The Life of Ghosts
Grandmother held no opinions of death.
She had stories instead, and the best was
her driving on 9-W Highway
from Albany to home when her eyes closed
and her deceased husband called Maria!
She heard My little Maria, wake, wake!
and she did. She experienced real truths.
I won’t be cremated, she insisted,
and you yourself should not! The cremated
do. not. have. visiting. power. She knew.
I have no doubt. Hadn’t she been in once a
Queen of a Castle, charged with rule while King
was out? Didn’t she know the names of wild
mushrooms that could beguile a hungry child?
I drew myself with pale and hollow cheeks
but they filled out once I paid attention.
The awkward posture, too, changed as soon as
it noticed me watching and thinking hard.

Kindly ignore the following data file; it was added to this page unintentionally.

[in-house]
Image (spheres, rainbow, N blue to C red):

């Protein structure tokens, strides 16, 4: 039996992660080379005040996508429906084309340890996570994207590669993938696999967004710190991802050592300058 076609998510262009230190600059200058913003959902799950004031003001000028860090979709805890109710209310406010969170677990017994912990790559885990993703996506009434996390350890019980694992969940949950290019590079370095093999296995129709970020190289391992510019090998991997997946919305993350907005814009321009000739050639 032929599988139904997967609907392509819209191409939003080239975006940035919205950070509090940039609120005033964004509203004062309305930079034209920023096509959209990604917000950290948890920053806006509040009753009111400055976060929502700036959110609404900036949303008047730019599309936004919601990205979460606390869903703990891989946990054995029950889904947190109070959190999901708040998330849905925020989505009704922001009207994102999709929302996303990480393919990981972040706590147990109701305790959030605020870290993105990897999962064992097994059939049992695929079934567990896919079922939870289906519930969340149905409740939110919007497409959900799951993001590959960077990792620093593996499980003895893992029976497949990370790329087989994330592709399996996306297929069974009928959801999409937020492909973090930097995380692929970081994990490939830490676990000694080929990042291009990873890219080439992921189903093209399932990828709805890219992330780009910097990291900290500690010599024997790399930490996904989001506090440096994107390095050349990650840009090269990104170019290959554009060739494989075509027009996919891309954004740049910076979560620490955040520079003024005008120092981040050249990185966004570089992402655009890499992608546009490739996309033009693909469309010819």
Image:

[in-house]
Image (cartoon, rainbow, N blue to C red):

My skeleton started to do its job
as if it didn’t like being ignored.
Making a self-portrait enlivened and
rejuvenated every part involved.
Amazed, I determined to draw myself
once a year for as long as I shall live.
I put a ring on my finger, golden
symbol of my promise to be mindful.
The portrait applauded and drew me, too
as if it mirrored what inside I knew.
Like learning wood and weave and waves
as carpenters, weavers and beauticians,
like mechanics knowing engines
and doctors, butchers and masseuse
engaging body parts—
Scholars dig deep
in our own fields to know it all
and plant new seeds that advance crops
and ex press needs.
High school teachers
cultivate their students to find
the ones that will take root in time
and bloom in field work and its play
speaking its vocabulary,
wielding the tools currently used,
knowing enough to break the rules.
A new writer after 40+ years as teacher and stage director, Susan Chast lives in Philadelphia, PA, where she delights in the unexpected gift of time. Her work appears in Tuck Magazine, Types and Shadows and The dVerse Anthology; and it can be read online at her blog.